Microsoft have issued a patch - a patch that, typically, does not work. (So much for 'Trustworthy Computing'.) But the patch threatens that most sacred of hallowed grounds, the domain of the HTML email of the IONs (Idiots Of the Net). Herewith the skinny on this devasting tragedy.
Microsoft issued a critical update for Microsoft Internet Explorer
(IE) last week in Microsoft Security Bulletin MS02-023 (15 May 2002
Cumulative Patch for Internet Explorer) that eliminates a
longstanding vulnerability in HTML-format messages--the ability of
an <IFRAME> tag to use the Internet Sites security zone, rather than
the Restricted Sites zone, to launch a file attached to a message or
to open a Web page inside a message. This vulnerability has
contributed to the spread of Klez and some other viruses that use an
<IFRAME> tag to launch a file when the user previews or opens an
HTML message. Depending on the attachment security in place on the
user's machine, the attachment that the <IFRAME> tag launches might
run automatically, thus setting up a situation in which the user
might not know that a message has an attached file or that the file
has already starting running.
After you apply the update, which is available for IE 6.0, IE 5.5
Service Pack 1 (SP1) and SP2, and IE 5.0 SP2, Web pages from sites
in the Restricted Sites zone will ignore <IFRAME> tags. Outlook 2002
and Outlook 2000 and Outlook 98 with the Outlook E-mail Security
Update all use the Restricted Sites zone for HTML messages.
If you haven't installed the Outlook E-mail Security Update, after
you download and install the IE update, you must manually set
Outlook to use the Restricted Sites zone if you want to get the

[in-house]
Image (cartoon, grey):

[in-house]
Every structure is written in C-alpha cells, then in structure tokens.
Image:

benefit of the <IFRAME> blocking. You can do so on the Security tab
of Outlook's Tools, Options dialog box. Forcing Outlook to operate
in the Restricted Sites zone also eliminates other potential
vulnerabilities related to script in HTML messages.
Strangely enough, this IE update has some surprising consequences
for Outlook 2002 and Outlook 2000 users. The appearance of the
Organize pane in both versions and the Find pane in Outlook 2000
will no longer show white text links in the Tahoma font on a gray
background. Instead, the links are the default underlined blue,
which makes them difficult to see on the dark background, and the
font is whatever font you have set as your default in IE.
The change in behavior is because of another fix in the IE update
(the update patches six new vulnerabilities as well as all
previously acknowledged problems). As GreyMagic Software reported,
one vulnerability related to Cascading Style Sheets (CSS) makes it
possible to read data from local files on the user's machine.
Microsoft appears to have fixed this problem by making it impossible
for an HTML page to load a style sheet from a tag that points
to a locally stored ..css file, unless the user has placed in the
Trusted Sites zone the domain hosting the Web page.
What does this fix have to do with Outlook? The content of the Find
and Organize panes is stored in a DLL that's installed with Outlook.
Also embedded in that resource DLL is the style sheet that changes
the font settings for those panes. Because the style sheet is in a
local file, the Find and Organize panes won't load it after you
install the new IE update. To fix the problem, Microsoft will
probably need to update the DLL to use inline styles instead of a
Yes, this new CSS limitation is annoying (and will affect other
applications that use .css files on local systems or in resource
.dll files), but it's no reason not to install the IE patch. The
benefits of greater security for HTML-format messages far outweigh
the aggravation of this display issue.